CPS reading scores up, but not by much, from 7 years ago
BY ROSALIND ROSSI Education Reporter email@example.com December 7, 2011 3:22PM
Updated: January 9, 2012 9:10AM
Chicago Public Schools finally showed some real progress in reading on national test results released Wednesday, but only compared to how its students fared at least seven years ago.
The scores in between trended up — but only slightly.
A new report on the 2011 National Assessment of Educational Progress taken by 21 big-city districts was the second analysis in less than a month to indicate that, despite more than a decade of massive investments in reading, Chicago’s elementary-grade reading performance has barely budged for years.
CPS eighth-graders took seven years to finally produce real reading improvement, growing from an average score of 249 to 253 on a 500-point test known as “The Nation’s Report Card” between 2005 and 2011.
Fourth graders took even longer — nine years — to mount real reading gains and move from a 198 to 203 between 2003 and this year.
In between, the city’s flat or slight gains didn’t really amount to any kind of statistically significant improvement, a NAEP analysis of a representative sample of CPS students over time indicates.
Last month, a study by the University of Chicago’s Consortium on Chicago School Research found that CPS elementary reading scores on other, higher-stakes tests — including the state’s achievement exams — really had not moved much between 1990 to 2009. To reach that conclusion, researchers adjusted for changes in the tests and study body.
The data from NAEP — considered a harder test than Illinois’ achievement exam — indicates Chicago’s NAEP reading doldrums occurred during a huge reading push ordered by former Mayor Richard M. Daley and carried out by then-Chicago Schools CEO Arne Duncan, now the nation’s Education Secretary.
The real progress didn’t show up until 2011 — after Ron Huberman took over the Chicago Schools CEO helm in 2009 and shifted the district from Duncan’s emphasis on reading coaches to a new emphasis on data analysis.
“The information we had [from state achievement tests] showed [CPS] was showing great success,” said Peter Cunningham, a top aide to Duncan both when Duncan was Chicago Schools CEO and now as U.S. Secretary of Education. “We weren’t gaming the numbers.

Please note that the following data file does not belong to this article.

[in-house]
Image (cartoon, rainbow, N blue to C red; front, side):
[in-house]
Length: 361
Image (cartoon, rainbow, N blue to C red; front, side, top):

“For some reason or another, we are not seeing the results [now] we thought we were getting. What can it teach us? What can we do differently? Those are the questions Chicago needs to answer,” Cunningham said.
Some good news was buried in the math scores, where Chicago was one of only six big-city districts to show real math improvement since 2009 in eighth-grade. One possibility is that a CPS push, begun under Duncan, to train more eighth-grade teachers to teach algebra was finally showing up in test results.
However, fourth-grade math scores were only up a solid amount if the scores are compared to 2003.
The achievement gap — a top concern of new Chicago Schools CEO Jean-Claude Brizard — showed no real shrinkage since at least 2003 in fourth- and eighth-grade math and reading. In fourth-grade reading, Hispanic and black students needed a decade to produce solid gains; in eighth-grade reading, only Hispanics showed real NAEP progress, and only when compared to their scores from nine years ago.
Chicago’s NAEP reading scores placed it in the middle of the pack of 21 big-city districts, coming in No. 13 in fourth grade and No. 10 in eighth. In math, Chicago placed No. 15 in fourth grade and No. 12 in eighth.
Mike Casserly, executive director of The Council of Great City Schools, said his group’s analysis of big city districts that saw strong NAEP improvement between 2003 and 2009 indicated they had longevity of leaders at the top, had carefully detailed what they wanted kids to know, developed a clear program of instruction that boosted the rigor of classrooms and analyzed data well.
Although Chicago’s leadership was stable over that time period under Duncan, “my sense of it is that the instructional reforms in Chicago were just not coherent or rigorous enough to produce the reading gains that the city really wanted,” Casserly said. “It was doing too many things at one time.
“The reason it was doing so many things is it was trying to figure out what would work. But sometimes doing so many things undercuts your sense of direction.”
One surprise in the 2011 NAEP results was that Atlanta — rocked this year by a cheating scandal involving state tests — produced real math gains in only two years and solid reading improvement in four years in both fourth and eighth grade.
After the state-test cheating was uncovered, an investigation found no evidence Atlanta had cheated on national tests — an indication that reforms in Atlanta are real, Casserly said.
Explained Jack Buckley, Commissioner of the National Center for Education Statistics: “Students could be improving [on NAEP] even in the face of cheating [on state tests]. It’s not a mutually exclusive thing.”